Clay Buddies: Emily Bukoski

Dec 10, 2021 • Shannon Doyne

Clay Buddies: Emily Bukoski

Clay Buddies: Emily Bukoski

Here at East Fork, Emily Bukoski is the executive assistant to Connie Matisse, our CEO. She knows the name, purpose and next step of every moving part at this company, literal and figurative. Here, she talks business and pleasure and names five objects that are dear to her.

Emily, what does your average day entail here at East Fork?

My day looks like one big Rubik's cube. I’m keeping an eye on the goings-on across lots of departments and constantly weighing priorities so I can help focus Connie’s time. I’m a point person for helping folks find the information they need, and I’m generally just trying to make sure big projects and little tasks don’t slip through the cracks. I’m doing a lot of work right now with our project management software (we use ClickUp), building out templates and training folks on how to use the tools to keep us all connected and working efficiently.

What is the thing about your job that would surprise people the most?

That booking meetings for Connie is the hardest part of the job! I’m not only looking at what windows of time are open, but also considering her bandwidth and what other work she has to accomplish that day, and when a new meeting request comes in and someone else thinks it’s high priority I have to consider all 27 other meetings on the schedule and what can wait and what can’t!

What did you do, workwise, before this?

I’ve always found myself in support roles, helping people or teams stay organized! My first job when I moved to Asheville was with a Green Building company called EcoBuilders and I was the office manager there. Cut to the 2008 recession and when that business closed I found myself office manager at a web design company, and later worked for a video production company in more of a project management role.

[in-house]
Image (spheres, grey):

How do you apply what you learned there to your work here at East Fork?

I learned that no matter the industry or medium (houses, websites, videos, pottery), there are always people who need support staying organized! I’ve also learned that everyone has their own unique way of working or preferred ways of communicating, and I’m good at adapting to whatever is in front of me.

You’re from Maryland? How did you get from there to Asheville?

I grew up in a rural part of Western Maryland, in a log cabin my Dad built out of an old reclaimed barn, and where he still lives! When I was looking at colleges I knew I wanted to get out of town and aimed my applications south, and ended up at Winthrop in Rock Hill, SC. During my time there I had the amazing opportunity to study abroad in Australia, and officially caught the travel bug. When I graduated, I did a 6 month internship for a company that sent students overseas for international internships, and I just loved talking to people about the benefits of study and work abroad. Towards the end of that 6 months I got to visit Asheville, and with no other plans, decided it would be as good a place as any to figure out my next steps!

What do you like to do for fun outside of work?

I love being outside as much as possible! Now with a 3.5 yr old I don’t get out for the long all-day hikes I used to when I first moved here, but we still get out on the Mountains to Sea trail near our house, and we spend many weekend mornings at the North Carolina Arboretum. One of my other favorite things about Asheville is the food, and I am eager to try every new restaurant that opens. I’m also in the best book club ever with my closest friends where we actually read and talk about the book!

What are your philosophies on entertaining at home? Got any advice for people who feel exhausted the second they think about inviting people over?